Due to the declining economy, school boards around the country have decided to cut funding to the music education programs. It is necessary to keep music education in the American school system because it enhances the development of skills that children will use for the rest of their lives. Musical development can start as early as before birth. Hearing is the first sense that a baby acquires and it is acquired in utero (McCutcheon 1). The first sounds that a baby hears are the mother’s voice and her heartbeat (McCutcheon 1).
A school’s curriculum stands by the three “Rs” – reading, writing, and arithmetic – but what about rhythm? Because of budget cuts, many schools throughout the United States have thrown their chorus, orchestra, and band programs into the pile of the “over” and “done with.” In multiple cases, music programs get the boot just because there are no standardized tests for it. Schools like these could not be bringing a greater injustice upon students. Music programs are special in the way that they benefit every aspect of the pupil. It has been proven that music education better shapes the mind, body, and heart of all involved, making music unique and vital to the education system.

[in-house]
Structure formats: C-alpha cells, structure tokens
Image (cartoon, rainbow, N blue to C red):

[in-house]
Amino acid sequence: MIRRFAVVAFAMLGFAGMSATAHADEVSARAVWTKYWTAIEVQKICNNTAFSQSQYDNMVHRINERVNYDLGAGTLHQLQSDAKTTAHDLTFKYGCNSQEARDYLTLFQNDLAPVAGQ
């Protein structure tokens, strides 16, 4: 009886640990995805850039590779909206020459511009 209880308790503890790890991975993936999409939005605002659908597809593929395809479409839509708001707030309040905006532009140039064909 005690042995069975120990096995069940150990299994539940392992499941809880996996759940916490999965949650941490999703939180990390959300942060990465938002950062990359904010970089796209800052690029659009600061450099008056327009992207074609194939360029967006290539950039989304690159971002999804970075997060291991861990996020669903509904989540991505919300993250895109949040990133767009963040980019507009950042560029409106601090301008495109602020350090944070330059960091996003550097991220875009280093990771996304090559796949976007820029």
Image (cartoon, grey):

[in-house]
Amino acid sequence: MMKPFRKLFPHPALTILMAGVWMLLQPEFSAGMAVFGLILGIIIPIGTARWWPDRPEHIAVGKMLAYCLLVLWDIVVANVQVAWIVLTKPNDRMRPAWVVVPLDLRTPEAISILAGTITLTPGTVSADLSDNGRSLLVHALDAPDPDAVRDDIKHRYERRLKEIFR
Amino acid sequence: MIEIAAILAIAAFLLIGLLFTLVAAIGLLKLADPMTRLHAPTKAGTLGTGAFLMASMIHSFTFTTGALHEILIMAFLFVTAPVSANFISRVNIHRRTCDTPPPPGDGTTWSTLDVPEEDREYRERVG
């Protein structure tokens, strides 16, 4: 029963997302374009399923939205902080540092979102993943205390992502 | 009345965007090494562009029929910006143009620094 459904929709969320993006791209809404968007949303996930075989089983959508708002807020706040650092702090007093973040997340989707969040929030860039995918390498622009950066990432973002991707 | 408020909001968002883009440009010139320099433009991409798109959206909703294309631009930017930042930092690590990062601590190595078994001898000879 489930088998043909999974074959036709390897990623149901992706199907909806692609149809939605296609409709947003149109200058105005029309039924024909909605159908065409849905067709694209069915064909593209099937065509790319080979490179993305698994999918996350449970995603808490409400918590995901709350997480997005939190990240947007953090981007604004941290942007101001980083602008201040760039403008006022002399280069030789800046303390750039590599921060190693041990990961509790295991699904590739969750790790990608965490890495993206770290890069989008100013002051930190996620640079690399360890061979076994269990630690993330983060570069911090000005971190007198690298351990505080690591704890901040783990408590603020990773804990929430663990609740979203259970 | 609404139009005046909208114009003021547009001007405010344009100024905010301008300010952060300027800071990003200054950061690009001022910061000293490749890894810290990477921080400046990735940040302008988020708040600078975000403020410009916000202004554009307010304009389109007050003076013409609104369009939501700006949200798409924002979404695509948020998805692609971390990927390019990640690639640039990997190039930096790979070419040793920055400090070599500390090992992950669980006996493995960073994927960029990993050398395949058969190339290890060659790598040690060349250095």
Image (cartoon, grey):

Staff, MENC. Music educaton online. 2002. http://www.childrensmusicworkshop.com/advocacy/benefits.html (accessed 11 29, 2011). Unknown. "Education: Twelve Benefits of Music Education."
In addition, California schools are considering removing any music requirement for graduation (American). There are two main reasons for these cuts: money and test scores (Moran, 2004). In the wake of the No Child Left Behind Act, music education has been yet again squeezed from school budgets and schedules. With pressure mounting to raise reading and math scores, school administrators have added more reading and math classes that leave little opportunity for elective courses like music (Moran, 2004). Music teacher employment has been decreased to the point that in Seattle, eleven teachers teach all of the elementary music classes in the district’s seventy schools (de Barros, 2004).
?Magnetic resonance imaging (MRI) studies have shown that the fibers in the corpus callosum, which connect the left- and right-brain hemispheres, are as much as 15 percent larger in musicians compared to nonmusicians? (Schlaug, Jancke, Huang, Staiger, & Steinmetz, 1995a). Clearly, music has an impact on students. It is a positive outlet for students to express their emotions, it enhances intellectual and social performance, and enhances the brain. The Struggle However, many administrators are blind to these positive effects, and neglect to support music education in schools.